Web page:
UK Nonlinear News, August 1998

NEW Institute for Advanced Study

The Institute for Advanced Study has announced that it will begin a new program in theoretical biology, to be headed by Martin Nowak, one of the world's leading researchers in this area. Nowak,  presently professor of mathematical biology at Oxford University and head of the Mathematical Biology Group will move to the Institute this Winter to lead the research initiative. The use of mathematical ideas, models, and techniques in the biosciences has been growing rapidly and becoming increasingly important. Although mathematical biology began in the 1920s with the work of Fischer, Haldane and Wright in genetics, Lokta and Volterra in ecology, and Kermack and McKendrick in epidemiology, biology does not have the same mathematical/theoretical tradition as the physical sciences. However, several areas of biology have gradually developed an understanding of the importance that mathematical approaches can play.

"The Institute's new initiative is a tremendous opportunity for theoretical biology and an important recognition of the whole field", Nowak commented. "The main objectives of the new program will be to undertake world-class research in diverse areas of mathematical biology, ranging from evolutionary biology and ecology to infectious diseases of humans. The emphasis will be on maintaining research collaborations with leading experimental groups, as mathematical theory in biology is usually at is best when in close conjunction with experimental data."

Source: Notices of the American Mathematical Society, 45(6), 728, June/July 1998.

New Recurrence Analysis software

Version 2.5 of the VRA (Visual Recurrence Analysis) software for Windows 95 has recently been released. VRA is a software package which is used to display and study recurrence plots, first described by J.P. Eckmann, S. Oliffson Kamphorst and D. Ruelle in "Recurrence plots of dynamical systems" in 1987. Recurrence plots are a relatively new graphical device for the qualitative assessment of time series. With recurrence plots the user can graphically detect hidden patterns and structural changes in data or see similarities in patterns across the time series under study. Recurrence plots are essentially a graphical representation of the correlation integral in such a way so that the time dependence in the system under study is preserved. They are constructed by embedding a one-dimensional signal into a higher-dimensional space, calculating the distances between all vectors and color-coding these distances on the time-ordered matrix. VRA version 2.5 is free for copying and distribution. It can be downloaded from .Some sample data files are included, as well as the help file.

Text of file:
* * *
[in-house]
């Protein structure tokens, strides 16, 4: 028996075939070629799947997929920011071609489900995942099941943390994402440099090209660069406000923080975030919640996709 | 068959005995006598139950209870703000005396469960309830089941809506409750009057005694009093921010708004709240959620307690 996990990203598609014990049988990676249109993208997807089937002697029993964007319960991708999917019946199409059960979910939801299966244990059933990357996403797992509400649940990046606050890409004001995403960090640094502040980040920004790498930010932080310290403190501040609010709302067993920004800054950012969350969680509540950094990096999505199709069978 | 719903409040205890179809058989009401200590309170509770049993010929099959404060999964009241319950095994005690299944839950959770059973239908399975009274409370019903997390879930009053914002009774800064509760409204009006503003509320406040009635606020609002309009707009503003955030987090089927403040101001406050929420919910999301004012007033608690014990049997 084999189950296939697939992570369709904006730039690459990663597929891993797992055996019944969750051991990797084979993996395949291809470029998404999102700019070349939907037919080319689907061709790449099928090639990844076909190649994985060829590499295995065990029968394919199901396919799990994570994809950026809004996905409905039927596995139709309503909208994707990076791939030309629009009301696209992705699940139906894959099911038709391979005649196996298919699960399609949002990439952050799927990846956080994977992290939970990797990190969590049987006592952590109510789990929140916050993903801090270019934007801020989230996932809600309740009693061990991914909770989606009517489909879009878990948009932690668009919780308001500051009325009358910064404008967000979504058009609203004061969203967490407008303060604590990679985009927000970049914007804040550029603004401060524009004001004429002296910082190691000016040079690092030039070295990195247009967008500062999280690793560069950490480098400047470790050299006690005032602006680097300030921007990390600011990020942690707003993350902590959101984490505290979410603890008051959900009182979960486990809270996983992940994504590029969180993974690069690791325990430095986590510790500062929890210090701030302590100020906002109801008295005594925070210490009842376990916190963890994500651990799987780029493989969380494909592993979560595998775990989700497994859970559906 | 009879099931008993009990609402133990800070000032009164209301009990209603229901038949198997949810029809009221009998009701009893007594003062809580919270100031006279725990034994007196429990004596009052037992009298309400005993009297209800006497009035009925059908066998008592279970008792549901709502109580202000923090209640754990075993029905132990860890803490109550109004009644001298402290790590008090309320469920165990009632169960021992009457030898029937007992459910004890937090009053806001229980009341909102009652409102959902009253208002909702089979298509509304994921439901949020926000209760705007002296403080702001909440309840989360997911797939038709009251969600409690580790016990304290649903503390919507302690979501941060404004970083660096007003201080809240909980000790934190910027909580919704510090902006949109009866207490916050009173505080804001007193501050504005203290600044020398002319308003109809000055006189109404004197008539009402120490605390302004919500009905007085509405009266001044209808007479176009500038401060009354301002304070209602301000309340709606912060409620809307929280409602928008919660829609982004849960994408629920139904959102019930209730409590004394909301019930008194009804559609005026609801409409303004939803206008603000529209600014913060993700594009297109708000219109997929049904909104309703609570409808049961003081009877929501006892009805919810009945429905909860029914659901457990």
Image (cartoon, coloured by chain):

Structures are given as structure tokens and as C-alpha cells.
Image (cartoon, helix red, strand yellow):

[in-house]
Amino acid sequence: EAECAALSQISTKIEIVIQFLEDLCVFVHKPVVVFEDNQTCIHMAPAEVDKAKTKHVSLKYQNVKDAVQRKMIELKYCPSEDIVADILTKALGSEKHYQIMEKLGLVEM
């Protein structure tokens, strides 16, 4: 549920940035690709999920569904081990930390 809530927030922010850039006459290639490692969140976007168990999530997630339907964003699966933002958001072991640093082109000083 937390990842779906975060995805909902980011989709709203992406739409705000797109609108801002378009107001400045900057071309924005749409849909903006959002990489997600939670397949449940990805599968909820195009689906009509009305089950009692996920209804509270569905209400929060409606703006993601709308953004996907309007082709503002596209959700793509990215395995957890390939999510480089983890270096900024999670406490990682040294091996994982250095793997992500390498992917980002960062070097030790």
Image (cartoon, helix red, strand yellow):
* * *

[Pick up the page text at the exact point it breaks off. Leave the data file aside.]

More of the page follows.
Additional information is available at:

Source: Eugene Kononov (

EMC established at Heriot-Watt University

The Edinburgh Multidisciplinary Consortium for Advanced Data Analysis of Complex Systems (EMC) has been established in the Physics Department  at Heriot-Watt University. It interfaces academics with doctors and  financiers to undertake fundamental and strategic research into  modelling, simulation and prediction of real-life complex systems. It aims to develop new strategies and methodology to improve the  diagnosis and treatment of cardiac arrest patients and to advance the analysis and prediction of financial markets.

The Consortium is led by Professor R.G. Harrison in the Physics Department and is funded by the Scottish Higher Education Funding Council (SHEFC) Research Development Grant. The four partners involved are:

1) Physics Department at Heriot-Watt University
2) Accident & Emergency Department, The Royal Infirmary of Edinburgh
3) Laerdal Medical Ltd, Kent
4) Investment Division, Standard Life, Edinburgh

Some relevant web pages are:

For information, please contact

Professor R.G. Harrison
Department of Physics
Heriot-Watt University
Riccarton, Edinburgh EH14 4AS

Tel: 0131 451 3033
Fax: 0131 451 3136


Source: Dejin Yu

Bifurcation and Symmetry Meetings

A programme of four meetings in 1998 have been supported by a grant from the London Mathematical Society under Scheme 3. Of these, three have so far taken place:

SYMMETRY AND DYNAMICS University of Southampton
(organiser : David Chillingworth) 14 January
Speakers: Peter Ashwin, Paul Glendinning, Reiner Lauterbach, John Toland.

(organiser : Anne Skeldon) 17 June
Speakers: Doug Binks, Raymond Hide, Nick Hill, Rebecca Hoyle, Peter Lucas, Paul Matthews, Tom Mullin.

(organiser : Mark Roberts) 16-17 July
Speakers: Anthony Bloch, Gianne Derks, Igor Kozin, Eugene Lerman, Andrew Lewis, Debra Lewis, James Montaldi, Sergei Pekarsky, Mark Roberts, Dmitri Sadovskii, Esmeralda Sousa Dias, Andre Vanderbauwhede.

The fourth meeting on BIFURCATION AND SYMMETRY : APPLICATIONS will take place at the University of Nottingham in September (see the meetings section)

For details contact Paul Matthews or David Chillingworth

Info Dynamics Days 1999/2000